Let’s Talk Period aims to change this by

Find out more about her campaign here.

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A former Assistant Secretary with the Ministry of Women and Child Development in West Bengal for three months, Lakshmi Bhavya has been championing the cause of menstrual hygiene in her district. By associating herself with the Lalana Campaign, a holistic menstrual hygiene awareness campaign which is conducted by the Anahat NGO, Lakshmi has been slowly breaking taboos when it comes to periods and menstrual hygiene.

A Gender Rights Activist working with the tribal and marginalized communities in india, Srilekha is a PhD scholar working on understanding body and sexuality among tribal girls, to fill the gaps in research around indigenous women and their stories. Srilekha has worked extensively at the grassroots level with community based organisations, through several advocacy initiatives around Gender, Mental Health, Menstrual Hygiene and Sexual and Reproductive Health Rights (SRHR) for the indigenous in Jharkhand, over the last 6 years.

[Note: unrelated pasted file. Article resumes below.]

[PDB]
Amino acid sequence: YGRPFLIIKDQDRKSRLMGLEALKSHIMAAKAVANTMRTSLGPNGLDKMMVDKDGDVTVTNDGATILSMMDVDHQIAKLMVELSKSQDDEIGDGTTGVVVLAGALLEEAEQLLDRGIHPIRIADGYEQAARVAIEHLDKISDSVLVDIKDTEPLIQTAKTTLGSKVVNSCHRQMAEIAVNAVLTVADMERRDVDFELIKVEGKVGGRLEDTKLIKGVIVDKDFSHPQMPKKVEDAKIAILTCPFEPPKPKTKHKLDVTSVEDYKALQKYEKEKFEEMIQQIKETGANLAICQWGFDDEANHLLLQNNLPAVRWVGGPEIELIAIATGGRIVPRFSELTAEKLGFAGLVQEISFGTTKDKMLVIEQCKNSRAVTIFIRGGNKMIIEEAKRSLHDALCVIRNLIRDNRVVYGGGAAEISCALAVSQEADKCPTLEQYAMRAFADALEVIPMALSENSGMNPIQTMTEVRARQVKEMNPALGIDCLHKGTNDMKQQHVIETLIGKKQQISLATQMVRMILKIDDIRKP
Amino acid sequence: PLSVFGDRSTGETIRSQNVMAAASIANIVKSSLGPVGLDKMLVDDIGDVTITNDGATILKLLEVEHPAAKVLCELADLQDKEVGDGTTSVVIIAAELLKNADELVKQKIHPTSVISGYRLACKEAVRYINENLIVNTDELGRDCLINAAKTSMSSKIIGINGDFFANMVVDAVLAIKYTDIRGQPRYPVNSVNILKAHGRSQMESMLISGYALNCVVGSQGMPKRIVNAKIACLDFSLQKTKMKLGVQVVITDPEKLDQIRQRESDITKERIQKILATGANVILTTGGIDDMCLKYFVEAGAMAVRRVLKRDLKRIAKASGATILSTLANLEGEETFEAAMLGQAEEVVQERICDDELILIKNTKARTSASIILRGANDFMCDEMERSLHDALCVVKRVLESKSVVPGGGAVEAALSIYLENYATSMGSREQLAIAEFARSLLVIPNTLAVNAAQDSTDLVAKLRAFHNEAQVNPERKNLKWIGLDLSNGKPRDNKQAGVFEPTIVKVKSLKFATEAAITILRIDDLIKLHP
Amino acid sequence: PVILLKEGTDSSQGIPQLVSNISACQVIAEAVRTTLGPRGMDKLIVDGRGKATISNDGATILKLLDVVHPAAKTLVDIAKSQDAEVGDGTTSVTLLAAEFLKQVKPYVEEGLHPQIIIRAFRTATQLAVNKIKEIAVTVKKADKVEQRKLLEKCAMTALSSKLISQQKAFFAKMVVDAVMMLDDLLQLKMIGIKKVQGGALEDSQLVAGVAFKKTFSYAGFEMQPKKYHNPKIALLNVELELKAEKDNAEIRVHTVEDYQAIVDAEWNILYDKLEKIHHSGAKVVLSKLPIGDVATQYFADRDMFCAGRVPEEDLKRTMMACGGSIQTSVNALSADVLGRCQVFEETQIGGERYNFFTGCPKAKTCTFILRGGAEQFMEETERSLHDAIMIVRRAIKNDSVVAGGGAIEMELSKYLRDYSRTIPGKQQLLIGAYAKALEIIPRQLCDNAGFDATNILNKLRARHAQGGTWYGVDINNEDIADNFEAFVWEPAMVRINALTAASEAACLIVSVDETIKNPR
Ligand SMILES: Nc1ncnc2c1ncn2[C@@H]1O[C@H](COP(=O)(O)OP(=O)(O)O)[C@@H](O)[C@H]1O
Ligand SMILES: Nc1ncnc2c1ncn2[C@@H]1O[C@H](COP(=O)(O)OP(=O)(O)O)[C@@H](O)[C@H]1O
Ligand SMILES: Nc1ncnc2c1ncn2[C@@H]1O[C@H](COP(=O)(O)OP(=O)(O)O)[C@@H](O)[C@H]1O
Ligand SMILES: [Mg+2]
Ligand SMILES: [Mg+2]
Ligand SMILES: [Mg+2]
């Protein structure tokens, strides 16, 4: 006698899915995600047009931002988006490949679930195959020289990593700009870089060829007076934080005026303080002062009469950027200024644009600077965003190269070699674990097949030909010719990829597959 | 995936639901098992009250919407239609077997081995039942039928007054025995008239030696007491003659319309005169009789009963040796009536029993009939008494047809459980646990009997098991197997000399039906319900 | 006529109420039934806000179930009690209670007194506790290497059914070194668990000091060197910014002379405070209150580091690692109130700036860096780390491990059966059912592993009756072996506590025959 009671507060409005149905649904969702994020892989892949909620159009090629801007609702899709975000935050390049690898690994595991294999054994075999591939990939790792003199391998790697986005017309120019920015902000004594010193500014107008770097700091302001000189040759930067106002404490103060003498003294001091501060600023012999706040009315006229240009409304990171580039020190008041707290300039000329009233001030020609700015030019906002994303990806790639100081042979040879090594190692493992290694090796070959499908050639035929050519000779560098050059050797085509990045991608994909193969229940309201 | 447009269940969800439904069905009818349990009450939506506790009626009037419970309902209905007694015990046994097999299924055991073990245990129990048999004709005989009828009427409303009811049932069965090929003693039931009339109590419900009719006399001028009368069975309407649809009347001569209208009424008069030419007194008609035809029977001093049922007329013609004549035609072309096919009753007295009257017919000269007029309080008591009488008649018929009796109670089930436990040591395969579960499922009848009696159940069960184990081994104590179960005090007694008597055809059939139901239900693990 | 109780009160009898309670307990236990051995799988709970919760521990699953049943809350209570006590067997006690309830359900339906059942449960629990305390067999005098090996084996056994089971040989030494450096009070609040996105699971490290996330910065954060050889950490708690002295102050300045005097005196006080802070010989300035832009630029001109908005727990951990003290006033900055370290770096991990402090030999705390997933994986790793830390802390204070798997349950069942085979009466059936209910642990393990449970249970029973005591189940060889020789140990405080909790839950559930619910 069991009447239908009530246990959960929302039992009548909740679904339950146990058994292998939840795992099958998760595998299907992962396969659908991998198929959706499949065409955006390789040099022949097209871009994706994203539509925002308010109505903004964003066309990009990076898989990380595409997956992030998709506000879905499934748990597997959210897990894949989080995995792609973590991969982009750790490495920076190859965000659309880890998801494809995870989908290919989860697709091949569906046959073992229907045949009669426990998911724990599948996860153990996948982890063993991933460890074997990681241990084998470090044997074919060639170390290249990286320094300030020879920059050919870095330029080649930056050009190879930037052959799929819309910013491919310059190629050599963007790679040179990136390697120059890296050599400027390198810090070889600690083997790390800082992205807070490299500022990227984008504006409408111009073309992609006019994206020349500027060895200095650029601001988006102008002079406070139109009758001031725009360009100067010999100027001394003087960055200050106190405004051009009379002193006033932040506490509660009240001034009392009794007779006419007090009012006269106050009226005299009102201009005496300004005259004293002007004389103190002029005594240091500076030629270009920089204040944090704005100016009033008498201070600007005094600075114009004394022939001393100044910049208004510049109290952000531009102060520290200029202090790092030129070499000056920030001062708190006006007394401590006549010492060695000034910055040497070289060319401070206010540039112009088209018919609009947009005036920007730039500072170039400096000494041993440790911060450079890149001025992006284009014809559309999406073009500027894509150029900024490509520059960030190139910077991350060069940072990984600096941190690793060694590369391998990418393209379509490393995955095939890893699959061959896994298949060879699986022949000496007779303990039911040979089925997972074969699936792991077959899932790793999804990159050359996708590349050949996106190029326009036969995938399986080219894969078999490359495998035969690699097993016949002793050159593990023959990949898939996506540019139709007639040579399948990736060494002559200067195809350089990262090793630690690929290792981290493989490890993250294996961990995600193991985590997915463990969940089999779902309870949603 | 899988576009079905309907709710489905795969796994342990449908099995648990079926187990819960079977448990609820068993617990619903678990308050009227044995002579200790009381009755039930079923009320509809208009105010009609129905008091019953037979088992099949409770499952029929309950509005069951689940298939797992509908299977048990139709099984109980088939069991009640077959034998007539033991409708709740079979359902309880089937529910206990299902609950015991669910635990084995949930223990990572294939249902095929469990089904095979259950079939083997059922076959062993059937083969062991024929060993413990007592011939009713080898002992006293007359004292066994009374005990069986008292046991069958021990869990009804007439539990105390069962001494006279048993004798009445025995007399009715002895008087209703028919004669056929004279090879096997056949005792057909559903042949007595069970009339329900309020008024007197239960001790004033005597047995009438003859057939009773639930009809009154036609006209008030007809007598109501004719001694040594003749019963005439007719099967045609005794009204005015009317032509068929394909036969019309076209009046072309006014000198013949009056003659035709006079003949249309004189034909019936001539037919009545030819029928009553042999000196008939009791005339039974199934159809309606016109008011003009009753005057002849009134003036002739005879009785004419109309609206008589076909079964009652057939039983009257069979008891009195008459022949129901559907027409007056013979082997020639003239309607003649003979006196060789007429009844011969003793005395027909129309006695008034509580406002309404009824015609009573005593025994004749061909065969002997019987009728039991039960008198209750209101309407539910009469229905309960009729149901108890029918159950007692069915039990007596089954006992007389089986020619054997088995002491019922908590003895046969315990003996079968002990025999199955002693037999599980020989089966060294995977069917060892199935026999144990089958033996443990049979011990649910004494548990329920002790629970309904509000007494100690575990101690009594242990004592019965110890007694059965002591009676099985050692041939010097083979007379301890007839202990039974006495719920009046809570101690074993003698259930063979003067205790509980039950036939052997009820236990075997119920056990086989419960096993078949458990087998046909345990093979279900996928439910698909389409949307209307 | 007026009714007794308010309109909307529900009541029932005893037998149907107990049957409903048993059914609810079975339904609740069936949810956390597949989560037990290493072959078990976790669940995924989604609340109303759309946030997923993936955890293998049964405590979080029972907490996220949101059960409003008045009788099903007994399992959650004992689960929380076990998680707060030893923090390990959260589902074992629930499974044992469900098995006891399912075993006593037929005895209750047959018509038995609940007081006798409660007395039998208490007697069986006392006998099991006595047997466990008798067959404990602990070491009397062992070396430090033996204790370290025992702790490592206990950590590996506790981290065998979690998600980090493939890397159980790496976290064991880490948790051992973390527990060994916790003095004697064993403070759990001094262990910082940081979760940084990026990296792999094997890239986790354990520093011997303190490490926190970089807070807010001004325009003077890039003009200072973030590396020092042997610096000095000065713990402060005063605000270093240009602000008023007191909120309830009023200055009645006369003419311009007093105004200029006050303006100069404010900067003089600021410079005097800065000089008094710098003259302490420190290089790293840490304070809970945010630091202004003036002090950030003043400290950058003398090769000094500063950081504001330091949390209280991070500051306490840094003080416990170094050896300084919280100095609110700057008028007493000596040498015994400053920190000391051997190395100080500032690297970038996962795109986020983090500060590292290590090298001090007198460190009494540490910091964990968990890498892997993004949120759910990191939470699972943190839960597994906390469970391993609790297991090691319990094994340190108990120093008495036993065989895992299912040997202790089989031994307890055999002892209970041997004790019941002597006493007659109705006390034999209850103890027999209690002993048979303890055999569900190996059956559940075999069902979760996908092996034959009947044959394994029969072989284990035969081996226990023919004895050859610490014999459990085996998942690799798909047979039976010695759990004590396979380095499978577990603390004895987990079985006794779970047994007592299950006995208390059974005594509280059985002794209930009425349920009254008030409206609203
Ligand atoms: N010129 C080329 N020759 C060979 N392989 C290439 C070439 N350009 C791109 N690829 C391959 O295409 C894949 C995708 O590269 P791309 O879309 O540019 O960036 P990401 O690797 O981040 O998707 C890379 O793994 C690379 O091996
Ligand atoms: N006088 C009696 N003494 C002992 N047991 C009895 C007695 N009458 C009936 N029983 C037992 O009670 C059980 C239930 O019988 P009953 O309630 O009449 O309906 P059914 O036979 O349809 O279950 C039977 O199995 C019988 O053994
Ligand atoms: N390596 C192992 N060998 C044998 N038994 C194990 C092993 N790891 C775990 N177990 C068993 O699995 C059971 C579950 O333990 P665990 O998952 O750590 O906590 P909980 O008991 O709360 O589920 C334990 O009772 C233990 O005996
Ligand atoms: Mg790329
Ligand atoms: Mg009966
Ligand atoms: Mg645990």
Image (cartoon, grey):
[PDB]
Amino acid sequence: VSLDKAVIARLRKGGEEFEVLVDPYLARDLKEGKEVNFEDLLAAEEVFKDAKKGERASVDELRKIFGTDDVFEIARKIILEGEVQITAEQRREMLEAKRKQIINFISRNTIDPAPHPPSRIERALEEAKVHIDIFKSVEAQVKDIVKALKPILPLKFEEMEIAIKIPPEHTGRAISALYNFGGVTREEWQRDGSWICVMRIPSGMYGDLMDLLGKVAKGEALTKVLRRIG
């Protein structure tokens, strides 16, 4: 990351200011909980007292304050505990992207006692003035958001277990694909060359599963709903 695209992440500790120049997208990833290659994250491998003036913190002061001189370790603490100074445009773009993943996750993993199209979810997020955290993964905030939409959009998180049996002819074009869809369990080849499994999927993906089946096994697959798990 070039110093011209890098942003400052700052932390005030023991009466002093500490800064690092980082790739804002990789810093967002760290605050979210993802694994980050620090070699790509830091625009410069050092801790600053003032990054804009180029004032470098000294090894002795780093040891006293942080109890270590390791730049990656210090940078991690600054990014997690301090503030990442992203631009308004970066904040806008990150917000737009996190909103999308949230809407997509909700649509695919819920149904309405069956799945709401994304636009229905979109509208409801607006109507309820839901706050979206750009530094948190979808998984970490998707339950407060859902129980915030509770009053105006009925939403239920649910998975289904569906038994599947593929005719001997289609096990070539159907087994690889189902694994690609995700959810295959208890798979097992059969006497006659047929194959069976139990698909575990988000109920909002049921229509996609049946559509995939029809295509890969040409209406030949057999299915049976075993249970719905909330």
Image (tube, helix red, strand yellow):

Srilekha has also contributed to sustainable livelihood projects and legal aid programs for survivors of sex trafficking. She has been conducting research based programs on maternal health, mental health, gender based violence, sex and sexuality. Her interest lies in conducting workshops for young people on life skills, feminism, gender and sexuality, trauma, resilience and interpersonal relationships.

A Guwahati-based college student pursuing her Masters in Tata Institute of Social Sciences, Bidisha started the #BleedwithDignity campaign on the technology platform Change.org, demanding that the Government of Assam install
biodegradable sanitary pad vending machines in all government schools across the state. Her petition on Change.org has already gathered support from over 90000 people and continues to grow.

Bidisha was selected in Change.org’s flagship program ‘She Creates Change’ having run successful online advocacy
campaigns, which were widely recognised. Through the #BleedwithDignity campaign; she organised and celebrated World Menstrual Hygiene Day, 2019 in Guwahati, Assam by hosting a wall mural by collaborating with local organisations. The initiative was widely covered by national and local media, and the mural was later inaugurated by the event’s chief guest Commissioner of Guwahati Municipal Corporation (GMC) Debeswar Malakar, IAS.